• mania in Harry Thurston Peck, editor (1898) Harper's Dictionary of Classical Antiquities, New York: Harper & Brothers
  • mania in William Smith, editor (1848) A Dictionary of Greek Biography and Mythology, London: John Murray

Polish[edit]

Polish Wikipedia has an article on:
Wikipedia pl

Etymology[edit]

From Late Latin mania, from Ancient Greek μανία (manía).

Pronunciation[edit]

  • IPA(key): //ˈmaɲ.ja// invalid IPA characters (//)
  • (file)

Noun[edit]

mania f

  1. mania (violent derangement)
    Synonyms: amok, obsesja, szajba, szał
  2. mania (excessive desire)
  3. (psychiatry) mania (state of abnormally elevated or irritable mood, arousal, and/or energy levels)

Declension[edit]

Related terms[edit]

Further reading[edit]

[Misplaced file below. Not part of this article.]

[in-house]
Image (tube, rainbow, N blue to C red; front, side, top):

• mania in Wielki słownik języka polskiego, Instytut Języka Polskiego PAN
  • mania in Polish dictionaries at PWN

Portuguese[edit]

Etymology[edit]

Borrowed from Latin mania or Ancient Greek μανία (manía, madness).

Noun[edit]

mania f (plural manias)

  1. mania (excessive or unreasonable desire)
  2. vice (bad habit)
    Synonym: vício

Romanian[edit]

Etymology[edit]

From French manier.

Verb[edit]

a mania (third-person singular present maniează, past participle maniat1st conj.

  1. to handle

Conjugation[edit]


Tahitian[edit]

Pronunciation[edit]

Adjective[edit]

mania

  1. (of the sea or weather) calm
  2. (figuratively) serene, calm, tranquil, peaceful (state of mind)
  3. dull

References[edit]